In the late afternoon sun, a group of women are busy plaiting each other's long hair. It has been a routine for these women here in Dar es Salaam’s Bunju B village. Under the breeze of a mango tree, they chat away the afternoon as young mothers among them suckle their young ones.
It is a beautiful setting, in an otherwise busy city where some semblance of such enviable company is quickly fading. But beyond the stories, these women are also huddling together for their safety. A mysterious serial rapist has been terrorizing this village.
''Every time we have to lock ourselves in our houses for fear of being attacked by the rapist, whose identity we are yet to find out. He attacks mostly during the night,'' says Aziza Khamis, a 32-year old resident of Mabwepande in Bunju A.
It is difficult to overemphasize the scale of the risk the women in this sleepy village have been facing. According to the women in this area, the fear of the rapist - nicknamed ‘Mahmud’ - has been a nightmare for them.
At one time, he raped and injured a woman in the area, according to the residents. The victim, thought to be his first victim, was taken to Mwananyamala hospital where she was admitted and treated.
''She was bleeding. She had several cuts to her face and other parts of the body. Her body was bruised. She was left to die there as her attacker used a panga to attack her before raping her,'' says Aziza, one of the residents who rescued her.
''The rapist would attack at night, but now, has started attacking during the day. We have reported the case to the police,'' said another Mabwepande resident.
Mabwepande residents now don’t know what peace is. They have always been on the lookout for him.
''We have to walk in groups and alert each other when the sun sets because this man (Mahmud) attacks any woman who walks alone be it at night or day. He even breaks into people’s houses and sexually abuses those he finds alone,’’ Fatuma Iddy, says.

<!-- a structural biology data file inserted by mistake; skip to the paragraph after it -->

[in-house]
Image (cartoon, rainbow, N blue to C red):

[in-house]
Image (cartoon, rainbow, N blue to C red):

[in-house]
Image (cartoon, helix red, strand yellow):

Mwanajuma Athumani, another resident of Mabwepande narrated that, last year; a middle aged woman was raped and almost killed by the suspected rapist who still remains at large.
“That was the first time our village had witnessed such an act where someone stabs you with a knife and leaves you almost dead. The incident made us realize that the man is very cruel,” Mwanajuma said.
In Mabwepande village, the women mostly make local brew and also work as food vendors to earn a living. They make them in their homes and sell in nearby pubs. And that journey to sell their produce is fraught with danger. They have been forced to walk in groups to minimise the possibility of attack
“Every day we have to wait for each other to sell the beer and come back together because we don’t know what would happen to you the next minute you are walking back home alone,'' says Rehema Abbdalla a 54-year-old woman.
''Even though he is not known, we suspect that he is a new person in this area, because we have never experienced such a thing before. But we will get him so that we and our children can be safe,” Rehema says.
Abdalla Kunja, the ward officer at Mabwepande has received reports about the rapist on the prowl.
''I have heard about it and it’s very sad that he even targets old women and young children. We have now put up a group of people on the alert to catch him so he can stop causing fear and agony in our village, we know he has his own informers but we will catch him as his days are numbered,” says Kunja.